PM “refuses dramatism” over rising interest rates

PM “refuses dramatism” over rising interest rates

“Prudence needed” regarding mortgage payments

Portugal’s prime minister António Costa has said today that the impact of rising interest rates on home loans is being monitored by the government and should be faced without drama.

He called “for prudence in the actions of the European Central Bank (ECB)”.

António Costa was speaking to reporters at the end of a conference on digital skills at ISCTE in Lisbon after being asked about government measures to help families with mortgages in a situation of high interest rates.

The questions follow rising criticism over the level of help to families currently being offered by the government.

Television commentator and State advisor Luís Marques Mendes said in his weekly Sunday night slot that “it is good for the government to start thinking of a new support programme for the beginning of next year”. The current raft of measures “is necessary, but is not sufficient”, he told anchor Clara de Sousa.

Said Mr Costa this morning: “We have been monitoring very closely with the Bank of Portugal and the Portuguese Association of Banks the evolution of credit, and the 2023 budget has a specific measure that allows an increase in liquidity for families who have housing credits in assets, as these families can apply for a reduction of one bracket in withholding tax”.

According to the PM, on the part of banks, there has also been a clear willingness to negotiate with customers – find “the best ways to accommodate the impact of rising interest rates”.

He referred to the pandemic, when there was tension around this same issue. The problem “was overcome” through negotiation, he said.

“We will approve a law that favours this negotiation and eliminates the costs associated with this negotiation. So, I think we should face the situation we are going through without drama”.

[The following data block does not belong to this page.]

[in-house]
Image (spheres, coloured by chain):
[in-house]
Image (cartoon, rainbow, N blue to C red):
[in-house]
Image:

According to Costa, the policy of “normalisation” of rates by the ECB will point to long-term stabilisation of reference rates at around 2%.

“It is not desirable for the interest rate to rise so much (to 3%)”, he said. “The ECB should be quite prudent in raising interest rates to control inflation. 

“We understand that this inflation results less from a large money supply in circulation (and a large inflow in people’s incomes) and more from an imported and well-known cause which is Russia’s war against Ukraine – a war which has aggravated the rupture in supply chains and introduced the added fact of an energy crisis”.

In other words, for António Costa, “raising interest rates is not the way to fight inflation”.

“The ECB should be prudent in exercising the mechanism to increase interest rates, but there must be awareness that variable rates are on a rising trend. I am convinced that between the Bank of Portugal, the Portuguese Banking Association and the mechanisms available to the government, it will be possible to prevent this evolution of interest rates from having dramatic consequences,” he affirmed, pointing out that families, with variable interest rates, in the short term, “will pay more for their credit”.

“We have to maintain this evolution without a situation of social crisis, of loss of housing, because the right to housing is a fundamental right of families and that it is necessary to ensure and protect”, he concluded.

Source: LUSA